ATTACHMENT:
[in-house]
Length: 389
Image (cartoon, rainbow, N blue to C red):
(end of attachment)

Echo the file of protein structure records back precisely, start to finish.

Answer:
[in-house]
Length: 389
Image (cartoon, rainbow, N blue to C red):